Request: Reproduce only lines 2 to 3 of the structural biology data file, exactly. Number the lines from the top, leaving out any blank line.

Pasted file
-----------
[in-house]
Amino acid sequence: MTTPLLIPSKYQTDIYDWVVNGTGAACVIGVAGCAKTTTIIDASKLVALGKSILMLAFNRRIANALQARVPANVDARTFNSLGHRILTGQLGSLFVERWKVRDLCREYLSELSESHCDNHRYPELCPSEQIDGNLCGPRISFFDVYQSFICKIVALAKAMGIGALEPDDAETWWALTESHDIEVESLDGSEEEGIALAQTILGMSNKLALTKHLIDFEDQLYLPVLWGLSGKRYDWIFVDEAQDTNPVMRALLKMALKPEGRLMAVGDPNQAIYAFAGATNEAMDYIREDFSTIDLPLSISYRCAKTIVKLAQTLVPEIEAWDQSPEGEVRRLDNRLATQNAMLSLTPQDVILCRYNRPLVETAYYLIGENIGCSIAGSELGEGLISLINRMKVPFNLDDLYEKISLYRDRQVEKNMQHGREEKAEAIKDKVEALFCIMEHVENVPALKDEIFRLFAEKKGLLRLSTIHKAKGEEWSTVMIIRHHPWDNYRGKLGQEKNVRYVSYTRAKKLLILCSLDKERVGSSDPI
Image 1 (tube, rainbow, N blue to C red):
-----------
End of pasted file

Amino acid sequence: MTTPLLIPSKYQTDIYDWVVNGTGAACVIGVAGCAKTTTIIDASKLVALGKSILMLAFNRRIANALQARVPANVDARTFNSLGHRILTGQLGSLFVERWKVRDLCREYLSELSESHCDNHRYPELCPSEQIDGNLCGPRISFFDVYQSFICKIVALAKAMGIGALEPDDAETWWALTESHDIEVESLDGSEEEGIALAQTILGMSNKLALTKHLIDFEDQLYLPVLWGLSGKRYDWIFVDEAQDTNPVMRALLKMALKPEGRLMAVGDPNQAIYAFAGATNEAMDYIREDFSTIDLPLSISYRCAKTIVKLAQTLVPEIEAWDQSPEGEVRRLDNRLATQNAMLSLTPQDVILCRYNRPLVETAYYLIGENIGCSIAGSELGEGLISLINRMKVPFNLDDLYEKISLYRDRQVEKNMQHGREEKAEAIKDKVEALFCIMEHVENVPALKDEIFRLFAEKKGLLRLSTIHKAKGEEWSTVMIIRHHPWDNYRGKLGQEKNVRYVSYTRAKKLLILCSLDKERVGSSDPI
Image 1 (tube, rainbow, N blue to C red):